Tuesday, July 17, 2012

Black-necked Stilt

Black-necked Stilt (Himantopus mexicanus)

Field notes:  Tall slender wading bird, length  35-40 cm/14-16", long spindly reddish legs; black plumage above, white beneath, long straight thin black bill; white over eye.  On close inspection the male's back is a glossy black and the female's is slightly less glossy with a brownish tint.  

The photo below is of a female; she had a brood of 4 little ones tucked in the grass.  A male is behind her, barely seen.

 All About Birds tells us:
Black-necked Stilts wade for their food, and will only swim or dive when under duress. During breeding and during winter, they are strongly territorial birds, and are particularly aggressive to chicks that are not their own. When not breeding, Black-necked Stilts roost and forage in closely packed groups, often staying within a foot of each other. Black-necked Stilts are semi-colonial when nesting, and they participate en masse in anti-predator displays. The displays include one in which non-incubating birds fly up to mob predators, and one in which all birds encircle a predator, hop up and down, and flap their wings.
About those long reddish/hot pink legs....this species has the second-longest legs (16.5cm/6.5") in relation to the body, exceeded only by flamingos.

Black-necked Stilts inhabit shallow wetlands, salt ponds, flooded lowlands, or shallow lagoons. Human-maintained wetlands such as sewage ponds or flooded pastures are particularly suitable habitats for these birds, since such environments have some sparse vegetation without being too overgrown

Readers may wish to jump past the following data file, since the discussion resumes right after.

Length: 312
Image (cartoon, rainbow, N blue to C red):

Black-necked Stilts wade in shallow waters to capture their meals of aquatic invertebrates and fish. They often consume such fare as crayfish, brine flies, brine shrimp, beetles, water boatmen, and tadpoles. They peck, snatch, and plunge their heads into the water in pursuit of their food, and will herd fish into shallow waters to trap them there 

Black-necked Stilts are closely related to, and often found with, American Avocets.  Juvenile Am. Avocets are black + white, and are sometimes misidentified as stilts.  Different bill shape is the first clue. (There is an adult Am. Avocet in background below).  

They are very vocal birds, issuing a sharp, repeated 'vik!'.  Stilts, along with avocets, are a sort of sentinel bird, alerting other birds in the marsh with their noisy calls.

Black-necked Stilts nest on the ground. They tend to build on surfaces above water, such as small islands, clumps of vegetation, or even, occasionally, floating mats of algae. Both female and male Black-necked Stilt choose the site; they look for places with soft substrate that can be scraped away to form the depression in which they nest.

Male and female Black-necked Stilts trade off the job of constructing the nest. While one mate observes, the other scrapes into the dirt with breast and feet to form a depression about 2 inches deep. As they dig, they throw small bits of lining over their back into the nest. Most lining is added to the nest during incubation, and consists of whatever material is closest to the nest, including grasses, shells, mud chips, pebbles, and bones.

As with most birds, the Black-necked Stilts were hunted almost to extinction in the 19th century.  The species was later protected and has recovered to a point where it is locally common across the southern US.

However, they are a bit of a big deal up here in the southern Canadian Prairies, this being their northernmost breeding range limit.  If a nesting colony is found, we birding types make an effort to travel the distance to see them.  These particular birds were in a loose colony at Channel Lakes near Avonlea, SK.

Most information was from All About Birds (linked above)

Wikipedia  http://en.wikipedia.org/wiki/Black-necked_Stilt
Smithsonian Field Guide to the Birds of North America 
National Wildlife Federation Field Guide to Birds of North America


  1. Those Black-necked Stilts are beautiful birds. I've never seen one myself. Guess we'll have to make a trip south to do that. Enjoy seeing the American Avocets, though, up here Melfort way. Great photos and info, Kathy!

    1. Thanks, Scott. I don't see these stilts every year either. I hope they return to the Channel Lakes location next year - that's about 1 1/2 hours of driving through good birding area, so it is a great day trip for me. Delightful birds to watch.